Even though we still have a long way to go until tax time, you can get a pretty good idea of the tax refund you can expect to get once you file your return next year.
There are three basic components that go into how much you can expect to get back: your income, any deductions you're entitled to, and any tax credits you qualify for. If you know what to expect in all three categories, you should be able to come up with a pretty good estimate of your 2014 tax refund.
This is usually the easiest part to figure out, especially if you're salaried. And don't forget to factor in any bonuses, dividend income, and other business or investment income.
If you're an hourly worker, a good estimate is to take your hourly wage and multiply it by the number of hours you work each day, and again by the average number of days you work per month. Then multiply the total by 12 to get a good estimate of your annual income.
For an example of how to calculate your total income, if you earn a salary of $60,000 per year, received a bonus of $5,000, and earned $5,000 in net income from an investment property you own, this part of the formula is $70,000.
The first decision you'll need to make is whether to accept the IRS' standard deduction or to itemize your deductions. For the 2014 tax year, the standard deduction amount is $6,200 for single taxpayers and $12,400 for married taxpayers filing a joint return. Fortunately, if you use a tax software program like TurboTax, it will usually make that decision for you based on which option offers you the better refund.
Now, it's impossible for me to list every potential deduction here, as there are hundreds of them, but some are very common. For example, mortgage interest is a deduction taken by many home owners, as are real estate taxes. Charitable donations are another common deduction, as are unreimbursed employee expenses. For a helpful list to get you started, here is a good one from TurboTax.
It's also important to differentiate between above-the-line and below-the-line deductions. Most are below-the-line, which means you can only take the deduction if you choose to itemize. However, there are a few deductions you can take whether or not you choose the standard deduction.
Some above-the-line deductions include qualified contributions to a traditional IRA, retirement savings for self-employed individuals, student loan interest, moving expenses, and educator expenses. All of these are immediately subtracted from your income, regardless of your deduction method, and result in what's referred to as your "adjusted gross income (AGI)."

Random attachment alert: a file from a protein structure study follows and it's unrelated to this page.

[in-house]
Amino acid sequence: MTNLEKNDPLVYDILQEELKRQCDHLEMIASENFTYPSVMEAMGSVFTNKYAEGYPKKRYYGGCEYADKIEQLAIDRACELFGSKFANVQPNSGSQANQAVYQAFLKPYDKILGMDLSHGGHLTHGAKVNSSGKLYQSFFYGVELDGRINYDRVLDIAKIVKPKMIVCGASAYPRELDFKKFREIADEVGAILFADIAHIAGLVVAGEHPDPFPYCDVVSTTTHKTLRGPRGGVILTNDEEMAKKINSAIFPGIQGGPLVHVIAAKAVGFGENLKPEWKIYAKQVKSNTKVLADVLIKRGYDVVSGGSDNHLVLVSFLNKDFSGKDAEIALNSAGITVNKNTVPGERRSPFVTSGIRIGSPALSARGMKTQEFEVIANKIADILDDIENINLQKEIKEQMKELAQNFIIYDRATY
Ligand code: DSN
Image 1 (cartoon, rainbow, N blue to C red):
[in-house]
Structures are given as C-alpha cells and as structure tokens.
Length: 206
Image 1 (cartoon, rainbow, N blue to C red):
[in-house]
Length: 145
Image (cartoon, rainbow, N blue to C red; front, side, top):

And, although it's not technically a deduction, the personal exemption also reduces your taxable income. For the 2014 tax year, you're entitled to claim a personal exemption of $3,950 for you, your spouse, and each of your children. These begin to phase out if your AGI is above $254,200 ($305,050 for married taxpayers) and disappear completely above $376,700 (or $427,550).
A tax credit works differently from a deduction in that it simply lowers the amount of your tax, dollar for dollar. For example, if, after taking all of your deductions, you determine your tax is $5,500 for the year, and you have $1,500 in tax credits, it reduces the amount of your tax to $4,000.
There are a bunch of potential tax credits, but the most common are the Child and Dependent Care Credit, the American Opportunity Credit, and the Lifetime Learning credit. Depending on your income and expenses, these credits can be worth several thousand dollars per year.
Tax calculators you can use
There are hundreds, if not thousands of possible tax deductions and credits, so it may seem nearly impossible to calculate your tax refund on your own.
Fortunately, there are some great tax calculators out there that can help, such H&R Block's. Intuit's TurboTax has an excellent calculator called the TaxCaster, but it hasn't been updated for the 2014 tax year yet.
However, if you use one of these, bear in mind that they only take into account the most common deductions and credits. So you may actually receive a lowball estimate of your tax return, depending on what specific tax breaks (if any) you qualify for.
Is your refund too high?
Now, this may sound like a silly question at first. After all, how can you get too much money back from the government?
Well, if your refund is very high, it could mean your withholding is out of whack. How many exemptions did you claim when you filled out a W-4 for your employer?
The problem is, by letting the IRS withhold too much from your paychecks in anticipation of a big refund, you're essentially giving the government an interest-free loan. While this may be a decent strategy if you're particularly bad at saving money, ask yourself this question: Would you rather have $5,000 (or whatever your refund is) all in one lump sum, or would it help you more in your daily life to have more than $200 extra on every paycheck?
It's never too early to start thinking about maximizing your tax return. Figure out what deductions and credits you qualify for now, and you could have a hefty check in hand before many people have even filed.
Matthew Frankel has no position in any stocks mentioned. The Motley Fool recommends Intuit. The Motley Fool owns shares of Intuit. Try any of our Foolish newsletter services free for 30 days. We Fools may not all hold the same opinions, but we all believe that considering a diverse range of insights makes us better investors. The Motley Fool has a disclosure policy.
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